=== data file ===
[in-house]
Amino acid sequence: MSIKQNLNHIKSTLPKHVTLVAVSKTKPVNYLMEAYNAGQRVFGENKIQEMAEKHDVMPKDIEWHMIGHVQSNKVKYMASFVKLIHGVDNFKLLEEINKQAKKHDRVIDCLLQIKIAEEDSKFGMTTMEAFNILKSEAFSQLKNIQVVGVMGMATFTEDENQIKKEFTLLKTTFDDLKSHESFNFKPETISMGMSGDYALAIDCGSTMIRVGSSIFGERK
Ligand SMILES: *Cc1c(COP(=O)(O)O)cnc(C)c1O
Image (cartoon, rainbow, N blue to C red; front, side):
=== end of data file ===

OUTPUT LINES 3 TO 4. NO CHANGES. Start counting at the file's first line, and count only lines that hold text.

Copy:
Ligand SMILES: *Cc1c(COP(=O)(O)O)cnc(C)c1O
Image (cartoon, rainbow, N blue to C red; front, side):